The overseas expansion will also help the company build a broader supply chain and gain more expertise in wine making, say company officials. To some extent, these traits are also essential for the company to stay ahead of the competition, says Chi.
"The biggest challenge for COFCO is to successfully integrate employees in the acquired companies with its culture," he says.
"We retain most of the local employees, as they have more knowledge about grape cultivation and wine making. Our focus will essentially be on marketing and sales."
But COFCO is not relying only on its overseas acquisitions to boost productivity. The conglomerate is also stepping up oriental wine production at its domestic vineyards, with Chateau Junding as the testing ground.
"The Chinese wine industry has finished the accumulation of property and capital over the past three decades. Now there are 10 regions or wine producing areas, including the non-traditional Sichuan and Yunnan areas in China. It is time for us to start producing oriental wine," says Wu Fei, head of the wines and spirits branch at COFCO.
To spearhead its efforts in making oriental wines, COFCO has set up a complete industrial chain at Chateau Junding, including harvesting, bottling and packaging. It is the first chateau in Asia to set up luxury membership-based clubs to attract and serve potential consumers.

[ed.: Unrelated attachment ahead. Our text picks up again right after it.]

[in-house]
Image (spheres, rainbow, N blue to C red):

The chateau recently opened its 16th Huayue Wine Club in Beijing, targeting high-end customers with offers of premium wine, cuisine, golf, cigars and anything related to luxury.
"Junding is not a duplication of a Western chateau, but a complex platform to spread and express Chinese wine culture with an oriental lifestyle. But we have to admit that there is a distance between Chinese wine and top international wine brands. Junding is still learning from other wine makers and finding ways to boost output," says Chen Yunchang, owner of Chateau Junding and general manager of Huayue Wine Club.
"Fine wine is 70 percent dependent on good grapes and 30 percent on the wine making process. We have brought in the best kind of vines, but we also need a good wine maker, just as a decent restaurant needs a good chef," Chi says.
In August, COFCO brought in Michel Rolland, the world-renowned French wine maker, as technical director of its vineyards. Rolland was previously a consultant for Bordeaux producers, such as Chateau Angelus, Chateau Beau-Sejour Becot and Chateau Lascombes.
"COFCO's strategy of building a cluster of global chateaux may help reshape the framework of the global wine industry. Though China has been the world's largest beer producer, its wine industry is still young," says Yang Qiang, secretary of the wine committee of experts at the China Food Industry Association.
COFCO is not the only Chinese wine producer that is harboring ambitions of having global vineyards. Zhang Jinshan, founder of the Ningxia Hong group, recently acquired Chateau du Grand Moueys in France from its German owner. Ningxia Hong is a leading producer of gouqi, a Chinese spirit made from wolfberries.
"The wine making industry is now poised for take-off, with China's own interpretation of Western wine making culture," Yang says.